Sales Managers: Are You Showing Up and Throwing Up?

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Posted: October 11, 2019
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Sales managers complain that their sales teams don’t listen to prospects and fail to ask questions in order to create the best solution for customers. This selling behavior often is labeled as “product dumping” or “showing up and throwing up.” (I know. Not a great visual.) 

Unfortunately, too many sales managers exhibit the same behaviors when they are coaching their sales team!

I know because I’m guilty of such behavior. Here’s a classic example. A salesperson meets with the sales manager and shares his frustration about a deal that is stuck. The well-intentioned sales manager wants to help the salesperson and immediately starts dispensing sales advice rather than diagnosing the sales challenge. She moves into product dumping, prescribing solutions, rather than asking good diagnostic questions such as:

  • How did we get here?
  • What have you tried thus far?
  • What was the business problem that needed to be solved?
  • What priority did the prospect put on fixing the business problem?
  • What’s the sales elephant in the room that needs to be addressed?

Like a good salesperson, good sales managers know they should be asking questions, not giving immediate answers.

So, what are the root causes for this product dumping, coaching behavior?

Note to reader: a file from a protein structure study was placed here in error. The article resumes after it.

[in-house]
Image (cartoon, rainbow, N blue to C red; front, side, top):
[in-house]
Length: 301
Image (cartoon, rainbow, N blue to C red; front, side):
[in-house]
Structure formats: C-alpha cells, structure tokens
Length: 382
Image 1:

The reasons are similar to why a salesperson engages in product-dumping behaviors during a sales call—even when he knows better.

#1: Lack of self-awareness. How many sales managers take time to debrief their coaching calls, just like they used to when they were a seller debriefing their sales calls?

Effective sales managers debrief their coaching calls. What questions did you ask the salesperson? Did you ask the right follow-up questions? What didn’t you ask? What was the reason for missed coaching questions?

That which you are not aware of, you are bound to repeat.

The effective sales manager is self-aware and recognizes that the same practices that made him a top sales producer need to transfer to his role as a sales leader.

#2: Practice. Sales managers are promoted for a variety of reasons. One is their ability to sell and consistently achieve goal. They put in hours of practice to master the sales process and selling skills.

But how many sales managers have put in the same number of hours to conduct effective coaching conversations?

How many sales managers role play coaching conversations with other sales managers to avoid ‘wing-it’ coaching sessions?

Not enough.

Without practice, sales managers default to telling salespeople what to do rather than asking the great coaching questions that help salespeople discover what to do. 

Sales managers, carve out quiet time to debrief coaching calls. Carve out more time to practice effective coaching questions. Call a colleague and role play an upcoming coaching session.

Practice the same skills that made you a top seller.

Good Selling!

Buy Colleen's book Emotional Intelligence For Sales Success today. Emotional intelligence helps you stay in the game by forging personal connections and creating partnerships - soft skills that bring hard sales results.